Risk Factors and Life Insurance Cost
Besides the risks associated with excess alcohol intake, the underwriter also considers favorable historical items such as:
- active participation in Alcoholics Anonymous,
- voluntary initiation of treatment,
- single period of treatment or hospitalization,
- maintenance of stable family life,
- sustained employment,
- financial solvency, and
- good health without reports of violence or arrests.
If the individual is able to successfully stop drinking alcohol without relapse, after seven to ten years, the mortality rate approaches that of the general population.
See what you’d pay for life insurance
If you have a history of excessive alcohol consumption, you may be table rated. The table rating system typically means that your pricing for life insurance will be the Standard price plus 25% for every step down the table you are, Tables A-J or 1-10 depending on which format the insurance company uses.
John Smith is a 40-year-old risky drinker but has no other issues such as social, legal, or health problems and has no history of alcohol treatment. He applies for a 20-year $250,000 term policy and the underwriters rate him Table C. The Standard premium of this policy is $36, but because he is table rated we calculate his monthly premium costs to be $63 (36 + 75%).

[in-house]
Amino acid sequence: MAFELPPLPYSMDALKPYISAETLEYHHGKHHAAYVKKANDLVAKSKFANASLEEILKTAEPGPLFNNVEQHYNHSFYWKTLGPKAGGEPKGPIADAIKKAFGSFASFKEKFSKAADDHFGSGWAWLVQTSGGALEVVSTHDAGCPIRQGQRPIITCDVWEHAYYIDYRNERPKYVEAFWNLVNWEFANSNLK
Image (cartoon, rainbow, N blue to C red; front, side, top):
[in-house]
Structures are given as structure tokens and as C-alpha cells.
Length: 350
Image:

Table ratings depend on:
- Severity of the excess
- Severity of associated complications
- Evidence of alcohol dependence and/or withdrawal
- Legal problems related to alcohol such as DUIs
- Abuse of other drugs
- Number of relapses
- Current participation in groups such as Alcoholics Anonymous
When applying for life insurance with a history of alcohol abuse, working with an independent broker like Quotacy that has contracts with multiple life insurance companies is your best bet towards getting approved for coverage at a reasonable price. Not all life insurance companies underwrite alcohol the same. For example, while one insurance company is open to offering a Preferred rate class to an applicant who had a DWI five years ago, another insurance company won’t offer Preferred to that same applicant until after seven years has past.
Quotacy has years of experience getting clients life insurance coverage, including people with alcohol abuse history. Our in-house underwriter knows how to navigate each individual’s health history and which life insurance company would be the best option for your individual case.
If you are looking to get an idea on the cost of life insurance, it costs nothing to run a quote and apply online. You will have a dedicated Quotacy agent shop your case with our top-rated life insurance companies to ensure you receive the best possible price.
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Note: Life insurance quotes used in this article accurate as of August 23, 2022. These are only estimates and your life insurance costs may be higher or lower.
About the writer
Natasha Cornelius, CLU
Senior Editor and Licensed Life Insurance Expert
Natasha Cornelius, CLU, is a writer, editor, and life insurance researcher for Quotacy.com where her goal is to make life insurance more transparent and easier to understand. She has been in the life insurance industry since 2010 and has been writing about life insurance since 2014. Natasha earned her Chartered Life Underwriter designation in 2022. She is also co-host of Quotacy’s YouTube series. Connect with her on LinkedIn.